The trials of nonviolent Cuban dissidents that began this morning should be halted immediately, Human Rights Watch said today. Human Rights Watch also called on the Cuban government to drop all charges against the defendants.
The ongoing trials are the latest development in a wave of repression that began on March 18. Approximately 80 people have been arrested and detained since the crackdown began, including prominent dissidents, human rights activists, independent journalists, and directors of independent libraries.
"The fact that this wave of repression coincides with the war in Iraq is surely no accident," said José Miguel Vivanco, executive director of the Americas Division of Human Rights Watch. "It is truly shameful that the Cuban government is opportunistically exploiting the world's inattention to try to crush domestic dissent."
The prosecutions and mass detentions represent the most severe crackdown in Cuba in nearly a decade. They come just as Cuba faces likely condemnation for human rights abuses by the U.N. Commission on Human Rights in Geneva.
Trials were reported to have begun at 8:30 a.m. this morning, with defendants being accused of working with U.S. diplomats to undermine the Cuban government. Among the many defendants reportedly being tried today are Marcelo López Bañobre, of the Cuban Commission for Human Rights and National Reconciliation (Comisión Cubana de Derechos Humanos y Reconciliación Nacional, CCDHRN), Marcelo Cano Rodríguez, also of the CCDHRN, Marta Beatriz Roque, an independent economist, and Oscar Espinoza Chepe, another independent economist.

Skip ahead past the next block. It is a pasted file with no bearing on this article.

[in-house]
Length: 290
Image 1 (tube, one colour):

Prosecutors are reportedly seeking life sentences for some of the defendants, and extremely heavy sentences for others.
Defendants are being prosecuted under the Law for the Protection of Cuban National Independence and the Economy (Ley de Protección de la Independencia Nacional y la Economía de Cuba, Ley 88), which took effect in March 1999, and the Law Reaffirming Cuban Dignity and Sovereignty (Ley de Reafirmación de la Dignidad y Soberanía Cubanas), which took effect in December 1996. The Cuban government justifies both laws as a response to the Helms-Burton Law, a U.S. law that hardened the U.S. trade embargo against Cuba.
The Cuban courts deny defendants basic rights of due process. Courts lack independence and impartiality, and trials of dissidents are sometimes held behind closed doors, violating the right to a public trial.
"These defendants are being tried for exercising basic rights of freedom of expression and association," Vivanco said. "The Cuban government is putting on an extremely ugly show."